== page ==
Industrial packaging, of course, comes in all shapes and sizes. What your firm uses depends on what you are producing, how far it needs to be transported and how delicate, fragile or perishable it is.
Many producers and manufacturers use intermediate bulk containers, or IBCs, as their main means of transporting goods.
IBCs are industrial-grade containers used to transport liquids and a huge variety of granular goods, such as resins, cereals and powders. They are described as intermediate because they serve the purpose of transporting goods in large quantities (but less than a tankful) to a place where they are then put into smaller packages or used in manufacturing or production processes.
IBCs are a very common form of industrial packaging, mainly because they can usually be used more than once, making them cost-effective and efficient when transporting large amounts of goods on a regular basis.
They are also popular because they can be customised, coming with various modifications which allow for different uses and applications.
There are two main types of IBCs – rigid (also called RIBCs) and flexible (FIBCs).
The rigid type is made, as its name suggests, from a durable, rigid composite material, usually plastic, or from metal, such as stainless steel. Most come in a metal cage, for added strength, although some are strong enough not to need one.
RIBCs can be used for many different goods, including flammable liquids, and are transported via pallets. One of their drawbacks is that they are usually only usable once, although reusable, collapsible versions are becoming more available. The goods are dispensed via ports at the base of the RIBC, so they are particularly useful for goods which flow easily.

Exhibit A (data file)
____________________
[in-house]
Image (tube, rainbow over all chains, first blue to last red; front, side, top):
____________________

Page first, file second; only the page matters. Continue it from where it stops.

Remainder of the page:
FIBCs, on the other hand, are made from woven fabric (usually polypropylene). Commonly known as bulk bags, FIBCs are not used for liquids, but can accommodate most dry goods, such as building materials and dry ingredients. They are transported via a system of loops which can be attached to a forklift, are easily stacked and are simple to fold flat and store when empty. They are also mostly reusable, making them ideal for firms that want to keep their environmental impact as small as possible.
Both types of IBCs can be customised for different uses and applications. They are available in various sizes – for example, RIBCs can be found in sizes as large as 800 gallons, while FIBCs can manage goods as heavy as 4,400 pounds (or 2,200 if the goods are hazardous).
FIBCs are extremely variable, suiting a whole range of different applications and needs. They not only come in various sizes, and with a range of lifting mechanisms, but can also be adapted with a wide range of effective filling and emptying modifications, to increase their efficiency.
Customised IBCs may cost more, and could lead to initial delays in availability, but there is no doubt that, when chosen wisely, they will help increase efficiency in the long run. So it is no surprise that more and more manufacturers are choosing to customise their IBCs.